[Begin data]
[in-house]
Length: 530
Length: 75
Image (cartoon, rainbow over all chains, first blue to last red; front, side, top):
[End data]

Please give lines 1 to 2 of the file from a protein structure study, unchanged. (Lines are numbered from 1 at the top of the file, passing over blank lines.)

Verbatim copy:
[in-house]
Length: 530